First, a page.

0 2007 Aug 10 18:41:10  func_abc.sh              -> func_a
    0 2007 Aug 10 18:41:10  func_abc.sh                 > echo
    0 2007 Aug 10 18:41:10  func_abc.sh                 | sleep
    0 2007 Aug 10 18:41:11  func_abc.sh                -> func_b
    0 2007 Aug 10 18:41:11  func_abc.sh                   > echo
    0 2007 Aug 10 18:41:11  func_abc.sh                   | sleep
    0 2007 Aug 10 18:41:12  func_abc.sh                  -> func_c
    0 2007 Aug 10 18:41:12  func_abc.sh                     > echo
    0 2007 Aug 10 18:41:12  func_abc.sh                     | sleep
    0 2007 Aug 10 18:41:13  func_abc.sh                  <- func_c
    0 2007 Aug 10 18:41:13  func_abc.sh                <- func_b
    0 2007 Aug 10 18:41:13  func_abc.sh              <- func_a
    \^C
    
The legend is,

    ->function entry
    <-function return
    >builtin entry
    |command entry
Great! the output makes it clear who is calling who.

The sh_flow.d script is,

    #!/usr/sbin/dtrace -Zs
    /\*
     \* sh_flow.d - snoop Bourne shell execution showing function flow.
     \*             Written for the Solaris sh DTrace provider.
     \*
     \* This traces shell activity from all Bourne shells on the system that are
     \* running with sh provider support.
     \*
     \* USAGE: sh_flow.d                     # hit Ctrl-C to end
     \*
     \* This watches shell function entries and returns, and indents child
     \* function calls. Shell builtins are also printed.
     \*
     \* FIELDS:
     \*              C               CPU-id
     \*              TIME            Time of execution
     \*              FILE            Filename that this function belongs to
     \*              NAME            Shell function, builtin or command name
     \*
     \* If a name isn't available at the time of tracing, "<null>" is printed.
     \*
     \* WARNING: Watch the first column carefully, it prints the CPU-id. If it
     \* changes, then it is very likely that the output has been shuffled.
     \*/
    
    #pragma D option quiet
    #pragma D option switchrate=10
    
    dtrace:::BEGIN
    {
            depth = 0;
            printf("%s %-20s  %-22s   -- %s\\n", "C", "TIME", "FILE", "NAME");
    }
    
    sh\*:::function-entry
    {
            depth++;
            printf("%d %-20Y  %-22s %\*s-> %s\\n", cpu, walltimestamp, 
                basename(copyinstr(arg0)), depth\*2, "", copyinstr(arg1));
    }
    
    sh\*:::function-return
    {
            printf("%d %-20Y  %-22s %\*s<- %s\\n", cpu, walltimestamp,
                basename(copyinstr(arg0)), depth\*2, "", copyinstr(arg1));
            depth--;
    }
    
    sh\*:::builtin-entry
    {
            printf("%d %-20Y  %-22s %\*s   > %s\\n", cpu, walltimestamp,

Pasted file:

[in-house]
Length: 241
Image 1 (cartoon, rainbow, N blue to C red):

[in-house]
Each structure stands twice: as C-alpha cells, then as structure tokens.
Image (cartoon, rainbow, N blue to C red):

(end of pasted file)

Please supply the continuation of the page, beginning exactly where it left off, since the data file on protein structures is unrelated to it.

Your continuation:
basename(copyinstr(arg0)), depth\*2, "", copyinstr(arg1));
    }
    
    sh\*:::command-entry
    {
            printf("%d %-20Y  %-22s %\*s   | %s\\n", cpu, walltimestamp, 
                basename(copyinstr(arg0)), depth\*2, "", copyinstr(arg1));
    }
    
Tracing function flow with times - sh_flowtime.d

A great feature of DTrace is the availability of high resolution timestamps. Here I've enhanced the previous script to print delta times,

    # ./sh_flowtime.d
    C TIME                  FILE                 DELTA(us)  -- NAME
    0 2007 Aug 10 18:52:51  func_abc.sh                  0   -> func_a
    0 2007 Aug 10 18:52:51  func_abc.sh                 54      > echo
    0 2007 Aug 10 18:52:52  func_abc.sh            1022880      | sleep
    0 2007 Aug 10 18:52:52  func_abc.sh                 34     -> func_b
    0 2007 Aug 10 18:52:52  func_abc.sh                 44        > echo
    0 2007 Aug 10 18:52:53  func_abc.sh            1029963        | sleep
    0 2007 Aug 10 18:52:53  func_abc.sh                 44       -> func_c
    0 2007 Aug 10 18:52:53  func_abc.sh                 43          > echo
    0 2007 Aug 10 18:52:54  func_abc.sh            1029863          | sleep
    0 2007 Aug 10 18:52:54  func_abc.sh                 33       <- func_c
    0 2007 Aug 10 18:52:54  func_abc.sh                 14     <- func_b
    0 2007 Aug 10 18:52:54  func_abc.sh                  7   <- func_a
    \^C
    
The legend for understanding the delta times is, The legend is,

    ->function entrytime from the previous event, to the entry of this function
    <-function returntime from the previous event, to the completion of this function
    >builtin entrytime from the previous event, to when this builtin completed execution
    |command entrytime from the previous event, to when this command completed execution
Hey - we found the latency in the script, it's those 1.02 second calls to "sleep"! :-)

Being able to present this information in such a compelling way is awsome stuff.

I won't include the source to that script just yet (this blog entry will get too long), but I'll encourage Alan to bundle these scripts along with the patch/binary of the sh provider (when he makes that available).